Future of education bill uncertain after rural lawmakers raise early objections

three men in suits on the floor of the Alaska House of Representatives
Reps. CJ McCormick, D-Bethel, left, Bryce Edgmon, I-Dillingham, center, and Neal Foster, D-Nome, speak during a House floor session on Feb. 19, 2024. (Eric Stone/Alaska Public Media)

The Alaska House took up a wide-ranging education bill Monday, but the proposal hit a key snag before debate even started. Three members representing areas off the road system voted against a key procedural question. That kept the bill from advancing to a full vote of the House and threw the future of the bill into limbo.

One of those members, Rep. Bryce Edgmon, I-Dillingham, said he was concerned about provisions added by the House Rules Committee last month. He voted against adopting the Rules Committee’s version of the bill, and said he came to the chamber Monday morning with an open mind.

“I did not know what button I was going to push,” Edgmon said. “But when it came down to it, after a whole bunch of soul-searching, talking with a couple of my brethren from the Bush Caucus, before I can vote on a bill that has a lot of provisions in it, which are really unvetted — I don’t know what this charter school provision does. I don’t know what the amendment does. Yet we’re about to have that committee as a whole discussion, apparently.”

The bill would ease the approval process for charter schools, boost correspondence schools and student transportation and bolster internet speeds across the state. It would also increase the base student allocation, a key piece of the state’s education funding formula, by $300.

Edgmon said he was skeptical of a provision that would give teachers annual retention bonuses of up to $15,000, saying it could pit certified teachers and classified school staff against one another.

Reps. CJ McCormick, D-Bethel, and Neal Foster, D-Nome, joined Edgmon in opposing the Rules Committee’s version of the bill. Those three members represent key votes in the 23-member Republican-led House majority caucus.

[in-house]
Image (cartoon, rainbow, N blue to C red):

Rules Committee chair Rep. Craig Johnson, an Anchorage Republican, encouraged lawmakers to allow debate to go forward. Johnson argued it was at least worth talking through the merits of the bill.

“A lot of stuff dies with this vote today,” Johnson said. “So I ask you to search your soul. Are we better off surrendering? Or are we better off at least vetting it, getting our positions known? And the will of the body’s the will of the body.”

The debate comes as school districts across the state brace for significant cuts.

Administrators in Fairbanks recently recommend closing two schools and have identified two more as candidates for possible closure. Fairbanks Education Association President Danette Peterson told the Senate Education Committee last week that nearly flat funding since 2017 is pushing up pupil-teacher ratios.

“Just a couple of years ago, we closed three schools, and I know how difficult that was for our community,” she told the committee in a Feb. 14 hearing. “Our PTR is going up to rates that I believe are ridiculous. Last year when I was at Hutchison teaching, I had a (literature) class of 39 in a room that was designed for 24.”

The $300-per-student increase included in the House bill would be less than the state provided in one-time funding last year, even after a veto from Gov. Mike Dunleavy cut the amount in half.

Johnson, the House Rules chair, said he was open to debate on larger increases.

The House is scheduled to take up the education bill for further debate and discussion at 11 a.m. Tuesday.

Eric Stone covers state government, tracking the Alaska Legislature, state policy and its impact on all Alaskans. Reach him at estone@alaskapublic.org.

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